For some people, beauty means liking what you see in the mirror and having makeovers to accomplish it.
Plastic surgery can improve your appearance. It can also improve confidence. But it cannot restore your self-esteem if you have insecurities related to your body. Most plastic surgeons screen for this type of emotional disorder and will not perform surgery if they suspect that you have such difficulties. Instead, they will refer such patients for mental health counseling.
Plastic surgery comes from the Greek word plastikós, which means “that which can be molded.” Cosmetic surgery is performed by doctors who are specially trained and certified to perform cosmetic and reconstructive procedures.
- Be sure the surgery will be performed at a surgical facility—an outpatient office with a surgical suite or a hospital.
- Be sure the physician is approved to practice at a nearby hospital facility.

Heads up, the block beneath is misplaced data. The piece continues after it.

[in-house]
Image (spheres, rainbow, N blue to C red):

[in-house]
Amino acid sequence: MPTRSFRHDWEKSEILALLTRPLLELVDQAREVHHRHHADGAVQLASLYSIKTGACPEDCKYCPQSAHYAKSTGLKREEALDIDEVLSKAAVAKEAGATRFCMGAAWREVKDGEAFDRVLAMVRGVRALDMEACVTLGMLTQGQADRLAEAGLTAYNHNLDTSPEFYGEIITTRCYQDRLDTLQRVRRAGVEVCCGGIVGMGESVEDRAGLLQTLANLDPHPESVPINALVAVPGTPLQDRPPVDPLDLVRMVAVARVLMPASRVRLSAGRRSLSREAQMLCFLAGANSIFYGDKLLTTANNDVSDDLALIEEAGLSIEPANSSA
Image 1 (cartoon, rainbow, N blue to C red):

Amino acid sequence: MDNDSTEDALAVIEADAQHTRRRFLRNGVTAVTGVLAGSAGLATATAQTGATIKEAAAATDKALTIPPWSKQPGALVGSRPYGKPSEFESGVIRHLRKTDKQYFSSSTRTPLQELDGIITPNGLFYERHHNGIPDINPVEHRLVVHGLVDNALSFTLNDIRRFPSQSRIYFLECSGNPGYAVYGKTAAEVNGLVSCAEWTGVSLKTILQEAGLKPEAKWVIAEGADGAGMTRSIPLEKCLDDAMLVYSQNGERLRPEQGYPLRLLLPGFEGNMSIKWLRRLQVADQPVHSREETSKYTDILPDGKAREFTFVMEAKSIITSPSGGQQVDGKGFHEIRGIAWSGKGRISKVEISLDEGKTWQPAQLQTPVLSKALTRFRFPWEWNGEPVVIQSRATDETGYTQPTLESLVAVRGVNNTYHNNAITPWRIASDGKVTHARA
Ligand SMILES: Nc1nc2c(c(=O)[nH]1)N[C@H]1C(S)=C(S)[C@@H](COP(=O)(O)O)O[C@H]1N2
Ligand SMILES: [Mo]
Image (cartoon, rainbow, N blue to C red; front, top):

- Choose a physician who specializes in the procedure you are having.
- Look for a surgeon who is board certified by the American Board of Plastic Surgery or another recognized professional organization.
Many body flaws can be corrected, from loose skin under the arms to a second toe that’s longer than the first (corrected by removing bone in a procedure called a “toe tuck”). The following surgeries are especially popular:
Breast reduction, enlargement, or lift
The sizes and shapes of breasts can be changed by removing breast tissue, inserting implants, or changing the position of the nipple and areola. According to the American Society of Plastic Surgeons (ASPS), breast enlargement is one of the most popular surgeries.
Removes fat from thighs, hips, stomach, chin, and other areas.
Abdominoplasty ( “tummy tuck”)
Flattens the stomach by removing fat and tightening muscles.
Makes the nose smaller or gives it more pleasing contours.
Repositions or recontours large or irregularly shaped ears.
Removes sagging skin.